For those of us who remember the pain of football-less autumns in the 1980’s, the prospect of another September sans gridiron action is unthinkable to say the least. The NFL has grown remarkably strong over the last few decades, and in fact its this unparalleled growth that should save the season in the end.
Pete Rozell (former NFL Commissioner) was once criticized during an interview with the immortal Howard Cosell, for taking “a non-event” (NFL Draft) and turning it into a ‘made for television’ one. And with the recent proliferation of cable television and the ESPN network, he was right. Cosell would not be surprised to see the draft decades later turn into a three-day, prime-time event that spins the first round into a three-hour drama filled with character development and all.
But it’s not only the draft that captures the NFL fan’s offseason attention; the first day of free agency is equally reported in heavy numbers. The growth of fantasy football fed by the increased power of personal computers has fans dangling on every word that is mentioned from March until July.
This is in stark contrast to how it was in the 80’s, the last time there was a labor issue, when fans of football pretty much read the paper the day after the draft to see which players their favorite teams picked, and then assessed the impact they thought those players would make. If the NFL had boycotted any event in March of 1982, it’s doubtful anyone would have lifted a finger to report it.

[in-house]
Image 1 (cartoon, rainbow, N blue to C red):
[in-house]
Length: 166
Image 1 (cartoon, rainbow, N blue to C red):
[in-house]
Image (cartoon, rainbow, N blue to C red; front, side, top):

Instead players crossed the field for the four preseason games and the first two of the regular season and shook hands just before kickoff to show their solidarity. Then in week three, they were gone. The impact was felt hard, it was dramatic.
The players and owners can hold their political agendas to our throats in 2011 only because the offseason in the NFL has become a sort of second season. A time of “all the other stuff” that football fans crave and enjoy, and are missing right now as we speak.
It’s this suffocation imposed on us that will probably be the saving grace for actual ‘on the field’ action later in August or September. It’s safe to say the level of interest the casual football fan had for a preseason game in 1982 is equal to what today’s fantasy team owner has for free agency, the draft, and other offseason events. OTA’s are reported in June with the same press coverage that training camp or maybe even preseason games garnered back then.
These facts alone should be what gives the owners and players ammunition to prevent the unthinkable from happening, the actual shutting down of football in autumn. The National Football Leauge is a big business — the NFL minimum for a place kicker is about the same salary pro-bowl quarterbacks made the last time we took strike talk seriously.
Missing OTAs is dangerous as the loss of training camp would give serious advantages and disadvantages to some teams. Dip into preseason action, and three to four losses wouldn’t be unthinkable for some teams with new coaching staffs to have to suffer as a result. The NFL can’t handle that much unfairness to its competitive nature, and it shouldn’t have to. The loss of March-June should be enough to get the two sides working to ensure nothing from July on is missed.